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See detailElucidating the fine details of cholesteric liquid crystal shell reflection patterns
Geng, Yong; Noh, Junghyun UL; Drevensek-Olenik, Irena et al

in Liquid Crystals (2017), 44(12-13),

Clusters of planar-aligned short-pitch cholesteric liquid crystal spheres generate dynamic colourful patterns due to multiple selective reflections from the radially oriented cholesteric helices in ... [more ▼]

Clusters of planar-aligned short-pitch cholesteric liquid crystal spheres generate dynamic colourful patterns due to multiple selective reflections from the radially oriented cholesteric helices in neighbour shells at varying distances. These photonic communication patterns were widely investigated for the cases of both droplets and shells, demonstrating not only intriguing optical phenomena but also potential for applications as new optical elements for photonics, sensing or security pattern generation. However, the optics of these clusters is truly complex and until now only the strongest and most fundamental reflections have been analysed and explained. In this report, we elucidate the origin of a number of more subtle reflections and we explain the extension in space of various spots as well as their internal colour variations. [less ▲]

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See detailHigh-fidelity spherical cholesteric liquid crystal Bragg reflectors generating unclonable patterns for secure authentication
Geng, Yong UL; Noh, Junghyun UL; Drevensek-Olenik, Irena et al

in Scientific Reports (2016), 6(26840), 1-8

Monodisperse cholesteric liquid crystal microspheres exhibit spherically symmetric Bragg reflection, generating, via photonic cross communication, dynamically tuneable multi-coloured patterns. These ... [more ▼]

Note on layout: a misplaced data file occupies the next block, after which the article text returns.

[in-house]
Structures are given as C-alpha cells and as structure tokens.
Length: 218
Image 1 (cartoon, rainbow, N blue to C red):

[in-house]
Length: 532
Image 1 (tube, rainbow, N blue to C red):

Monodisperse cholesteric liquid crystal microspheres exhibit spherically symmetric Bragg reflection, generating, via photonic cross communication, dynamically tuneable multi-coloured patterns. These patterns, uniquely defined by the particular sphere arrangement, could render cholesteric microspheres very useful in countless security applications, as tags to identify and authenticate their carriers, mainly physical objects or persons. However, the optical quality of the cholesteric droplets studied so far is unsatisfactory, especially after polymerisation, a step required for obtaining durable samples that can be used for object identification. We show that a transition from droplets to shells solves all key problems, giving rise to sharp patterns and excellent optical quality even after polymerisation, the polymerised shells sustaining considerable mechanical deformation. Moreover, we demonstrate that, counter to prior expectation, cross communication takes place even between non-identical shells. This opens additional communication channels that add significantly to the complexity and unique character of the generated patterns. [less ▲]

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